Sex has ruined César Franck for Richard Brody. Writing in The New Yorker, the magazine’s movie critic explains how the first movement of the composer’s violin concerto, transposed for cello, is “now accursedly associated with the clumsiness of the filming and the ugliness of the doctrine of [Lars Von Trier’s] ‘Nymphomaniac.’”
What Brody describes as a masterwork of late Romanticism can now only bring back unpleasant memories of a movie he detested.
He then lists a number of other musical pieces that for him are forever linked to scenes in movies — for better or worse. The Sextet from Donizetti’s “Lucia di Lammermoor” reminds him of the opera scene in Jean Renoir’s 1934 version of “Madame Bovary.” Handel’s aria “Lascia ch’io pianga,” from the opera “Rinaldo” survives an association with a scene of sadistic beating in “Nymphomaniac” only because it’s already associated for Brody with Jean-Luc Godard and Anne-Marie Miéville’s 1978 video “France/Tour/Détour/Deux/Enfants.” “Stuck in the Middle with You” makes him think of the torture scene in “Reservoir Dogs.”
Few of us can match Brody’s encyclopedic knowledge of movies and only slightly more would be able to name every piece of classical music they hear pasted into the soundtrack of a film.
But we also don’t need to. Good music bring its own associations. It’s impossible to listen to Beethoven’s Sixth Symphony without imagining the happy gathering of country folk in the third movement or the thunderstorm that hits in the fourth movement. The music speaks for itself. Use the Four Seasons as the soundtrack to a deodorant commercial and you should still imagine spring and summer more vividly than you can think of spray-ons and speedsticks.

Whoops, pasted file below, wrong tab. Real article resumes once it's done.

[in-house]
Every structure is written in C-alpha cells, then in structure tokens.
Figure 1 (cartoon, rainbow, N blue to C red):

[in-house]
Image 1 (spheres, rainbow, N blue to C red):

Occasionally, one annoying association can impinge on the story embedded in a piece of music. One of the commenters under Brody’s article says that Roy Orbison’s “Pretty Woman” has been ruined for him by the film of the same name; another says that a commercial for American Airlines has destroyed “Rhapsody in Blue” for him.
But surely they’re exaggerating.
Get Out Of the Movie Theater And Into The Concert Hall
Music brings with it all sorts of associations. There are the images and emotions the composer has placed between the notes, and there are the memories and experiences the listener brings to the sounds. Part of the pleasure of looking through a CD collection is remembering why you bought each disc, where you found it and the occasions you first listened to it. Usually all of those associations are positive and pleasant. They allow us to add our own nostalgia to a piece of music.
Another commenter under Brody’s article argues that “excellent music cannot make a movie, and a poor movie cannot break excellent music.” The association between the two will eventually fade, the commenter says. He also argues that going to a live performance usually helps that process reach its end faster.
That might be the best solution for Richard Brody. Perhaps if he spent less time watching French movies from the 1930s on DVD and more time listening to live orchestras in concert halls, his positive associations with music would be stronger — and he wouldn’t have to see Lars Von Trier.